This is deja vu all over again, given that I have already posted an HDR photo of this tree. I moved closer to the tree for this shot and I used a slightly different HDR process to make this picture. And Monet painted the same thing over and over and look where it got him. . . .
We don’t have trees like this in South Dakota – at least in my part of the state. I think it is an oak tree and oak trees have a very distinct form of brachiation. The branches are twisted and, in my mind, gothic. I would have bare, twisted oak trees in front of my haunted house, if I owned one.
This tree is about to leaf out and lives (happily or hauntedly?) on San Juan Island in Washington state.
This was taken along the shore at San Juan Island National Historic Park, which is near the southeastern tip of San Juan Island. Of course driftwood was once adrift, and that means anyone navigating the waters along these shores, especially in small boats, must always be aware of the hazards of hitting floating logs before they become shore bound.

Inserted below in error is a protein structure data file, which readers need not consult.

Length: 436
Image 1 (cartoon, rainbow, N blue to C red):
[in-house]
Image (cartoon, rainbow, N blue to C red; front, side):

This photo was taken a few miles west of the city of Friday Harbor, Washington, on San Juan Island. I had found this location the day before but thought that it would photograph better just after sunrise. The chances that I would have a mostly clear morning weren’t that great. But, as you can see, nature performed well for me.
I used Auto Exposure Bracketing to take three different exposures of the same scene but in the end I used the darkest of the three and a plug-in in Aperture to create this photo, which shows details in the darkest parts and in the brightest. That’s what HDR (high dynamic range) does.